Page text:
Pacemakers may malfunction near household electronics: 5 study findings

Household appliances that generate electric and magnetic fields may cause pacemakers to malfunction, according to a study published Monday in Circulation.

Here are five things to know.

1. For the study, research exposed 119 people with pacemakers to electric and magnetic fields with frequencies of 50 to 60 hertz — similar to levels used by power grids. Researchers then increased the exposure level until they detected pacemaker failure, reports Reuters.

2. Five study participants had unipolar leads, meaning their pacemaker had just one point of contact with the heart. The remaining participants had bipolar leads, or two points of contact, according to the report.

3. All five patients with unipolar leads and pacemakers set to either basic or maximum sensitivity experienced electromagnetic interference at the initial exposure level of 50 hertz.

4. In patients with bipolar leads, electromagnetic interference occurred for about 72 percent of pacemakers set at maximum sensitivity and 36 percent of cases set to a basic sensitivity, according to the study.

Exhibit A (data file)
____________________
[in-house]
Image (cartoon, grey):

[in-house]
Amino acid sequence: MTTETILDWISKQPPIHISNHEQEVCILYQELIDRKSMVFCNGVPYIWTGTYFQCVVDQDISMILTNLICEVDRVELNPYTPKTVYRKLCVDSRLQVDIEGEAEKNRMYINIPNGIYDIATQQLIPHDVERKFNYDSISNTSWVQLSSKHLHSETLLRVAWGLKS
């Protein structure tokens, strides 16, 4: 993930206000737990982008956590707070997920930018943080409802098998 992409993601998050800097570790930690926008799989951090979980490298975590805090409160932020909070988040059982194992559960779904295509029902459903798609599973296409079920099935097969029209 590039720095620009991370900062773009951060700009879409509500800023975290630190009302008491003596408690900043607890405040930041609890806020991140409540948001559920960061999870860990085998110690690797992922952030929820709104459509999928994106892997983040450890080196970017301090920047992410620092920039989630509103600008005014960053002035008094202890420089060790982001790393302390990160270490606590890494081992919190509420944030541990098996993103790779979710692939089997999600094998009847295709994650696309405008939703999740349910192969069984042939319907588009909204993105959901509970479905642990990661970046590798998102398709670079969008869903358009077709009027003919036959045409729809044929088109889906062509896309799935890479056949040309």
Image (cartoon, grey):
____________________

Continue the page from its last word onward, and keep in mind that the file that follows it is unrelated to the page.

5. Based on these results, researchers conclude electric and magnetic fields from power lines, household appliances, electrical tools and entertainment systems could interfere with pacemakers.

"Usually pacemakers programmed to the vendor's recommended settings are safe regarding electromagnetic interference in daily practice," Dr. Andreas Napp of the University Hospital Aachen in Germany told Reuters via email. "However, lots of electrical appliances from daily life emit strong electromagnetic fields in very close proximity of the appliance … Pacemakers with electromagnetic interference usually show inhibition of stimulating the heart or change the pacing mode or induce a faster heart beat for the time of interference."

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